Engaging Contradictions: Theory, Politics, and Methods of Activist Scholarship

Engaging Contradictions: Theory, Politics, and Methods of Activist Scholarship

Engaging Contradictions: Theory, Politics, and Methods of Activist Scholarship

Engaging Contradictions: Theory, Politics, and Methods of Activist Scholarship


Scholars in many fields increasingly find themselves caught between the academy, with its demands for rigor and objectivity, and direct engagement in social activism. Some advocate on behalf of the communities they study; others incorporate the knowledge and leadership of their informants directly into the process of knowledge production. What ethical, political, and practical tensions arise in the course of such work? In this wide-ranging and multidisciplinary volume, leading scholar-activists map the terrain on which political engagement and academic rigor meet.

Contributors: Ruth Wilson Gilmore, Edmund T. Gordon, Davydd Greenwood, Joy James, Peter Nien-chu Kiang, George Lipsitz, Samuel Marténez, Jennifer Bickham Mendez, Dani Nabudere, Jessica Gordon Nembhard, Jemima Pierre, Laura Pulido, Shannon Speed, Shirley Suet-ling Tang, João Vargas


Activist scholarship is as old as Machiavelli and Marx or indeed Aristotle. the social sciences developed partly in and through activist scholarship. the classical political economists of the early nineteenth century did not simply observe the effects of mercantilism, they campaigned for the repeal of the Corn Laws. Sociologists at Hull House and the University of Chicago not only studied migration, they pressed for changes in legislation and local administration and through the settlement house movement engaged in direct action. Anthropologists have lately engaged in much soul-searching over complicity in colonialism, but anthropology was also recurrently the basis for efforts to mitigate harmful colonial practices. If early anthropology was shaped by racial thinking, modern anthropologists have been widely committed not only to intellectual criticism of the use of the race concept but to action to end racism.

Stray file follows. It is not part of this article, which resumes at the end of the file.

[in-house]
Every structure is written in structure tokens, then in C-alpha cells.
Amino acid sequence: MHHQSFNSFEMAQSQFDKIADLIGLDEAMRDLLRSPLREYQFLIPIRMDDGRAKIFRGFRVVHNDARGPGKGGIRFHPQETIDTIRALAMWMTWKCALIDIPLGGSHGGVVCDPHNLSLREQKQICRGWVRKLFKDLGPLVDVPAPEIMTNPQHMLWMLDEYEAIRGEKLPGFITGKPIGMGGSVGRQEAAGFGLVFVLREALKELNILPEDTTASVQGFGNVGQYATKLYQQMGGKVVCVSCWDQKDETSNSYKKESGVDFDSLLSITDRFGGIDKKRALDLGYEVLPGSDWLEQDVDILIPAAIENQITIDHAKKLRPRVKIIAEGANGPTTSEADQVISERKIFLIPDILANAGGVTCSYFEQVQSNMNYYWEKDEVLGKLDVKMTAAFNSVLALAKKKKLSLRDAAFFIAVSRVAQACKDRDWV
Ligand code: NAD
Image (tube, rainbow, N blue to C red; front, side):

That knowledge is vital to social action—as to individual ethics—has long been recognized. Thinkers have been doers (contrary to stereotype). and reflection on successes, failures, and unexpected consequences of social action has been a vital source of new understanding.

Yet activist scholarship often seems an unusual or surprising idea. It isn’t widely taught in textbooks. Tenure committees are unsure how to think about it. Why should this be so? Three reasons seem especially influential: (1) modern science (and modern epistemology more generally) has developed an ideal of knowledge based on detached, objective observation; (2) the university has come to contain a much larger proportion of scholarship than in the past (though perhaps not as big a proportion as academics believe), and thus scholarship is more contained with “academic” agendas and career structures; and (3) activism is widely understood as directly expressive of individual interests, or emotions, or ethical commitments rather than of a broader, more reflective, and more intellectually informed perspective on social issues.

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